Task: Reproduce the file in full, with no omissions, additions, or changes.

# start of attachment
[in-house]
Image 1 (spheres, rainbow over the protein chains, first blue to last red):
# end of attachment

[in-house]
Image 1 (spheres, rainbow over the protein chains, first blue to last red):